The Worst Tummy Tamer
It’s really nice how I keep coming across great topics for this column! By which I mean I keep experiencing summer-themed health woes and passing my learning onto you. I’ve spent the last week laid up with a terrible bug, inspiring this week’s column: how to keep your stomach safe all summer.
I know, we’re all thinking of bikini-flat abs and how to lose 10 pounds quickly. Trust me, this is one way you don’t want to do it. It’s easy to end up sick with a bug this time of year, what with cookouts and water parks and everything else. Nothing’s worse than being laid up drinking Pepto while everyone else is at the beach with margaritas!
Gastroenteritis is stomach flu
First, it’s worth nothing that though we like to call it “stomach flu,” no such thing exists. Influenza, or “flu” is a cold-weather virus that affects the respiratory system and has nothing to do with what we call “stomach flu.” What we refer to as stomach flu is typically
Gastroenteritis isn’t a specific bacteria or virus, it’s the condition caused by whatever it is actually making you sick. It can be triggered by either of those, as well as parasites, spoiled food, unclean water or reactions to certain foods like lactose or gluten intolerance. So why must we be more careful in summer?
What causes it?
Some of the more common bugs that can cause gastroenteritis are e.Coli, salmonella and campylobacter. The most common way to get these bad boys is through food — either spoiled or poorly handled. Handling raw meat when distracted by an environment such as a cookout is a great way to spread germs. Just a momentary distraction of handling chicken and forgetting to wash your hands before picking up a kid or dropping a lemon in a drink can get you or your guests sick for days. Be sure when setting out dishes for picnics containing egg, meat or dairy that they are kept properly cool and not left out in the sun.
Hiking, canoeing and travel can all pose a similar threat when it comes to tummy bugs: parasites. More than just big nasties like tapeworms, parasites are more common than you might think. Common parasites like giardia live in contaminated water and are common if you travel to places where water treatment may not be common or as rigid as the standards you’re used to. Giardia infection can also be spread from person to person contact, as the parasite is microscopic and travels in cysts that cannot be seen to the naked eye. When it comes to international travel and camping trips — stick to bottled water.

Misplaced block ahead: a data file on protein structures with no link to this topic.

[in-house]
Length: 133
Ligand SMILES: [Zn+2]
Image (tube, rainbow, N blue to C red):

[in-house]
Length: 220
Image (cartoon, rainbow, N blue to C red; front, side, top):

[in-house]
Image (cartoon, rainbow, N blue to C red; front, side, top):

Children are the most common victims of stomach bugs. Thirty to 40 percent of all stomach illnesses in children are caused by the highly contagious norovirus, rotovirus and adenovirus. Adults tend to stay out of schools and daycares where these are so commonly spread, but in the summertime, the kids are out to play and occasionally so are we! Water parks and public pools can easily spread a nasty case of stomach bug. Make sure you shower off after leaving the pool or water park to not only get harsh chlorine off your lovely skin and hair, but also to clean off any viruses that may be hitching a ride. And if you have kids, keep them away from the pool if they’ve experienced diarrhea or vomiting for at least 48 hours, as a kindness to all of us.
I followed your advice and I’m sick anyway
If all of your vigilance comes to nothing and you end up laid up with gastroenteritis anyway, dehydration is your primary concern. Stay hydrated with water and sports drinks, and stay away from any spicy or irritating foods until your inflammation is completely healed, lest you trigger a relapse. If you experience intense vomiting or diarrhea for more than 72 hours, head to the doctor. Typically, medical treatment for gastroenteritis involves suppositories or injections to stop the inflammation and spasming, followed by IV fluids to restore hydration.
Let your body heal and take it easy until you’re feeling 100 percent again. It’s not uncommon for gastro to leave you weak and sensitive to foods like alcohol and coffee for a while after you’re back in one piece. Use the time to work on your tan and catch up on some summer reading! And when you get back to it, remember: wash your hands!